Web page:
Picasso: the Sacred and the Profane, an exhibition curated by Paloma Alarcó and presented in rooms 53 to 55 of the Museo Nacional Thyssen-Bornemisza’s first floor, brings to a close the museum’s series of projects in connection with the Picasso Celebration 1973/2023.
The show’s suggested discourse aims at exploring the boldness and originality with which the artist approached both the classical world and the themes of the Judeo-Christian tradition, revealing his ability to integrate elements and issues from earlier art and to reflect on the ultimate essence of painting.
For Picasso, art was a means of exorcising both his own fears and the challenges facing humanity. He considered himself to be a kind of shaman, endowed with a supernatural power that gave him the ability to metamorphose the visible world. In that belief, and surrounded by a whole world of magical references, Picasso played the role of intercessor between peoples and civilisations, between art and the spectator, through a subject matter in which the sacred is barely distinguished from the profane.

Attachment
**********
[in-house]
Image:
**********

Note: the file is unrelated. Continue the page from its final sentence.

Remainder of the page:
The exhibition brings together a total of 38 works, 22 of them by Picasso. In addition to the eight exhibits from the Thyssen collections, there are several loans from the Musée national Picasso-Paris and other collectors and institutions, as well as paintings by El Greco, Rubens, Zurbarán, Van der Hamen, Delacroix, a sculpture by Pedro de Mena and some engravings by Goya. Spanning three decades of the artist’s production and centred on three thematic plots, the show establishes a dialogue that highlights the uniqueness and paradoxes of Picasso’s art, his personal reinterpretation of the themes and genres of the Spanish and European artistic tradition and the way in which both pagan and Christian myths and rites merge in many of his creations, especially when addressing the more universal issues of life, death, sex, violence and pain.
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